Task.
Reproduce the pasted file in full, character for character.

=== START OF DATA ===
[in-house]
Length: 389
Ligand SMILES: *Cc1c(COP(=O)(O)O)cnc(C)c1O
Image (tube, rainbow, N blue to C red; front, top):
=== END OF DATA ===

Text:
[in-house]
Length: 389
Ligand SMILES: *Cc1c(COP(=O)(O)O)cnc(C)c1O
Image (tube, rainbow, N blue to C red; front, top):